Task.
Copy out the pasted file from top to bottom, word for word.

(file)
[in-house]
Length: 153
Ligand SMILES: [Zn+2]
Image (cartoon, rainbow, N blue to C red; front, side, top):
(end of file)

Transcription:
[in-house]
Length: 153
Ligand SMILES: [Zn+2]
Image (cartoon, rainbow, N blue to C red; front, side, top):